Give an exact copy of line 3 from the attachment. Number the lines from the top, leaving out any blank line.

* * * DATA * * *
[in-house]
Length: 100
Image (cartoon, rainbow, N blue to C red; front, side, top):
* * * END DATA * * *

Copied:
Image (cartoon, rainbow, N blue to C red; front, side, top):